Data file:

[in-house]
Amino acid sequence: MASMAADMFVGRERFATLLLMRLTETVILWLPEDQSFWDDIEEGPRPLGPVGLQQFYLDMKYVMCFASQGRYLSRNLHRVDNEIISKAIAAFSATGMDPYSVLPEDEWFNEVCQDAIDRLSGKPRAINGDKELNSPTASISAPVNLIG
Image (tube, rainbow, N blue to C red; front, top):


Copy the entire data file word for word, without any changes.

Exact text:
[in-house]
Amino acid sequence: MASMAADMFVGRERFATLLLMRLTETVILWLPEDQSFWDDIEEGPRPLGPVGLQQFYLDMKYVMCFASQGRYLSRNLHRVDNEIISKAIAAFSATGMDPYSVLPEDEWFNEVCQDAIDRLSGKPRAINGDKELNSPTASISAPVNLIG
Image (tube, rainbow, N blue to C red; front, top):